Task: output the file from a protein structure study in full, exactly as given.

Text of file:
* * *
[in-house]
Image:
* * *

[in-house]
Image: